Your Job at Settlement

by James L. Goldsmith
December 2022

Settlement (or “closing” if you so choose) is the finish line, the end. And as the Agreement of Sale says, settlement is when the risk of loss passes to buyer. If the house burns down one minute after settlement, it is the buyer’s problem. Unlike fires, most potential problems can be eliminated at the settlement table, if not before.
    Some potential problems will be eliminated by the title company. The Agreement of Sale says the title is to be “marketable.” The title company is engaged to determine that is so and also to guarantee that the lender has a priority lien. Do not expect, however, the title agent to determine whether a seller’s promises of repair have been properly performed or completed. Expect that the title company will be unaware of any provisions other than standard pre-printed ones. It is up to parties’ agents to determine that their client’s rights and obligations have been satisfied. If the Agreement obligates the seller to produce an approved septic permit at settlement, someone needs to make sure this condition is satisfied. I was involved in litigation once where an agent was
handed such a “septic” permit by the seller. She diligently tucked the permit in the stack of papers at settlement. When ultimately reviewed, the permit made clear the approval for a holding tank and not a septic tank! The problem should not have been discovered after closing.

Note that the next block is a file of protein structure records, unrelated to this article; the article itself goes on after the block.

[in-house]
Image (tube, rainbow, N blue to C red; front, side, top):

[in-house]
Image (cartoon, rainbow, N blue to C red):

I, too, believe that it is the obligation of the agents to review the deed being conveyed. I have seen deeds with conveyances to tenants by the entireties (restricted to married couples) when the buyers were mother and son! Yes, that is a problem.
    While you are not required to be an expert on deeds, a summary review is not that hard. If the buyer believes she is acquiring three acres but the deed says one, that is a problem. If the deed says that the seller is reserving regress and egress over the property, there may be a problem, depending on what was promised. Your job is to read the deed and ask questions if there is anything that strikes you as odd.
    When I ask agents what their job at settlement is, the typical answers I get are: making sure that the parties bring their driver’s licenses, have wired funds appropriately and carefully, accompanying buyers to their pre-settlement walk-through, etc. Indeed these are the typical things you do, but, you should also be on the lookout for the atypical so they are caught before settlement concludes.
    It’s amazing what can go wrong. I once was hired by a seller, days after sale, who could not understand why his settlement proceeds were about $10,000 lower than what was estimated. I reviewed the settlement statement that he had signed and noted a sale price $10k lower than the agreed price! Can you believe no one caught that at settlement!
    Settlement should be a happy time. It is also the last time you get to catch a problem.

Mr. Goldsmith is an attorney with Mette, Evans & Woodside and serves as outside legal counsel to PAR. A substantial portion of his practice is dedicated to providing advice and counsel to real estate licensees. He and his firm represent and defend real estate salespersons and brokers in civil lawsuits and licensing claims across the Commonwealth. Jim also defends Realtors® in disciplinary hearings conducted by the Real Estate Commission. Jim was one of the voices of the PAR Legal Hotline for the first 27 years following its inception in 1992.

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